« The only true voyage of discovery, the only fountain of Eternal Youth, would be not to visit strange lands but to possess other eyes, to behold the universe through the eyes of another, of a hundred others, to behold the hundred universes that each of them beholds, that each of them is »
Marcel Proust, The Captive (1923 posth.),
translated by C. K. Scott Moncrieff (1929)
Dorian Guo has developed an artistic universe at the crossroads of Chinese and French cultures which offers a fresh perspective on historical subjects, myths, fantasy and elegance. He is a self-taught painter since early childhood and has devoted his career to both art and decorative painting in more recent years. He is passionate about history and art, and is keen to share his interests with a wide audience. He shares his work and publications with specialists, enthusiasts and neophytes on social networks in order to exchange ideas and enrich each other .... Through his passion, Dorian Guo allows his audience to rediscover the works of art and crafts of the past by revealing some of their incredible richness and infinite source of inspiration for contemporary decorative art.
« Dorian Guo is certainly, along with François Cheng, the most French of all Chinese. In less than a decade, this young man has been able to immerse himself in a past, a culture, a language and an artistic tradition that were not his own, but which now constitute the raw material of his iconographic oeuvre. Where some, far too many, pass by without ever seeing anything, Dorian Guo’s retina absorbs images, references and reminiscences that his hand then restores with as much jubilation as dexterity.
A direct descendant of Carmontelle but also of the Serebriakoff siblings, Erté and Philippe Jullian, he sketches the last socialites of Paris, Rome and New York in settings that would make the old café society green with envy. Depending on his mood and that of his prestigious clients, he pins them like pretty butterflies against a backdrop of woodwork borrowed from the most beautiful French châteaux or in their own interiors, which more often than not have no reason to envy the former …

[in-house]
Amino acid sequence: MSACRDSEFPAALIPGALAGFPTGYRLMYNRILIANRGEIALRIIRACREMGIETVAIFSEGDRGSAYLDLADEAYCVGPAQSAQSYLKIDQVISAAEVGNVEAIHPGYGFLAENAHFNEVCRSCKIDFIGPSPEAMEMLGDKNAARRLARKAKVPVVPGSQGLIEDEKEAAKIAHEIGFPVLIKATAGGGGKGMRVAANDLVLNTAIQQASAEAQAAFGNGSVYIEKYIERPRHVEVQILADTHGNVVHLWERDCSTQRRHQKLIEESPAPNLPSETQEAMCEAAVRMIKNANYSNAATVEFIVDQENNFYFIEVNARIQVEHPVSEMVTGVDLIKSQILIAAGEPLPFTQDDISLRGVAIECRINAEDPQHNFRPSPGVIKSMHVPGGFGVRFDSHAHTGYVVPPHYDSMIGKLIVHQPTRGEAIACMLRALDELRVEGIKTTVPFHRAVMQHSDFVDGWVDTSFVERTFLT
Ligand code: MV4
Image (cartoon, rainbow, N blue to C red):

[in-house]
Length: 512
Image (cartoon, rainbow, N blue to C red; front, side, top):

Of his native China, Dorian Guo has nevertheless retained, beyond the criminal ruptures of the Cultural Revolution, the art of the mandarin portrait, a taste for bright colours, and the sense of detail of those vast imperial scrolls on which the calligraphers of the Forbidden City were able to show an army on the march, to render the pleasures of the gynaeceum, and to conjure the splendours of the Manchu court.
Not without mischief, Dorian enriches each of his works with minute details that refer as much to the personal history of his models as to moments of civilization that survive, for the most part, only in the aesthetic culture of a happy few. Thus, in a tradition inherited from the genre painting of the seventeenth and eighteenth centuries, Dorian Guo’s work is at once a pleasure for the eye, a parlour game and a stimulus for the mind. »
Writer, laureate of the Académie Française
Former adviser for culture to President Sarkozy
« Dorian has all the qualities of a man of taste and talent of the twenty-first century. His knowledge and expertise of the seventeenth and eighteenth centuries give him a head start as a man of his time – it’s a gift – you can’t “draw” the future without understanding the past … It’s not only politics and economics that define the spirit of an age … Artists and intellectuals are responsible for the packaging of this unique
perfume that is the “Present”. »